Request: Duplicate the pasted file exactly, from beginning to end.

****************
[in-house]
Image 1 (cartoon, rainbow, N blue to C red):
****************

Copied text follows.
[in-house]
Image 1 (cartoon, rainbow, N blue to C red):